How to Make a Chicken Mummy

Our family does not make a very big deal out of Halloween.  Up until sixth grade, the girls dress up and traipse around the neighborhood in search of candy.  We carve pumpkins.  And we all eat a little more candy than normal.

That is about it.  Except for the two Halloweens when we studied ancient history in our homeschool.


My all time favorite history curriculum for elementary-aged children is Story of the World.  There are many high-quality programs out there, but this one works well for us.  Susan Wise Bauer, the author of the program, includes several features I like:

  • Brief, yet meaningful readings,
  • Coloring pages for younger learners,
  • Corresponding geography and map activities,
  • An optional audio book component, and

Really fun activities.  Some are simple, like building blanket forts when studying nomads.  Others are a bit more complex.  Like chicken mummies.  Chicken mummies?!?  Yes.  Chicken mummies.


The first time we made a chicken mummy, many years ago, we learned a few things and adapted Susan Wise Bauer’s plans to better suit our needs.  First of all, she recommends that mummies be made out of your typical whole chicken from the grocery store.  But the bigger your chicken is, the more mummification supplies you need.  It also takes quite a bit longer to fully dry the carcass.

This time, upon the advice of my genius husband, we opted to use a Cornish game hen.  Out of habit, though, I will continue to refer to the bird as a chicken for the rest of the post.


After cleaning the chicken with water and rubbing alcohol, we used a special mixture of baking soda, baking powder, and table salt to dry it.  The baking powder and soda altered the table salt so that its chemical consistency was more like the salt used by priests in ancient Egypt when mummifying pharaohs.  The two ingredients also reduce bacterial growth.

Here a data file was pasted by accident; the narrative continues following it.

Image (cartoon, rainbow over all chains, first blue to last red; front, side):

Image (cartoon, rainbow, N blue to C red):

While drying, the chicken was double bagged in food storage bags.  These were placed inside a lidded plastic food container.  I knew from previous experience that there really would not be an odor, but it seemed prudent to make sure our extremely curious cat would pay very little attention to the chicken.  So I was a bit overzealous.


Every few days, we took the chicken out of his temporary tomb, shook off all the wet, sticky salt, and replaced it with some clean mummification mixture.  I want to point out here that while the chicken really had no odor (which likely means the amount of bacteria was not horrifically high), I respected all raw meat rules.  We always used gloves when handling the bird.  Surfaces were sanitized after he was packed back in his little plastic coffin.  We never ate while we worked on the project.


We started the project right before Labor Day.  After about six or seven weeks, the chicken no longer had enough moisture left in the carcass to make the salt mixture wet.  It was at that point that we were able to make the bird smell nice.  The ancient Egyptians had special perfumes and spices they used for their purposes.  Our kindergartner wanted her mummy to have a nice, fresh, minty aroma.  Like the smell of toothpaste.  So I used peppermint essential oil.  Also a little bit of lavender.  So that he sleeps well.

Today, the bird got his mummy wrap.  We stuffed the inside of him with old rags.  It will help him maintain his shape.  Then we cut strips from an old pillowcase to wrap him.  The strips were dipped in a glue/water solution so that they would become rigid upon drying.


Finally, we placed the bird on our front steps.  Right next to the pumpkins.  It was hard to get a good picture.  Too excited about the festivities.  This is what you do when you learn about ancient Egypt in your homeschool right before Halloween.  And the neighbors think it is a bit odd, but at the same time they are impressed.

Maybe next year they will have a mummy, too.

Have you ever made a chicken mummy?  Let us know in an email or comment below!